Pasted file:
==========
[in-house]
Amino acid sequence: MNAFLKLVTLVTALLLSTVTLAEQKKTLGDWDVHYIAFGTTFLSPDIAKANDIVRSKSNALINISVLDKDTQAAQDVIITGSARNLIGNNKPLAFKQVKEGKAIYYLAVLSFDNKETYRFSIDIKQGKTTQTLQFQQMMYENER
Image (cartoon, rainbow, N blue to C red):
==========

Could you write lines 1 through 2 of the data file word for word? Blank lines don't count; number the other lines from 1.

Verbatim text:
[in-house]
Amino acid sequence: MNAFLKLVTLVTALLLSTVTLAEQKKTLGDWDVHYIAFGTTFLSPDIAKANDIVRSKSNALINISVLDKDTQAAQDVIITGSARNLIGNNKPLAFKQVKEGKAIYYLAVLSFDNKETYRFSIDIKQGKTTQTLQFQQMMYENER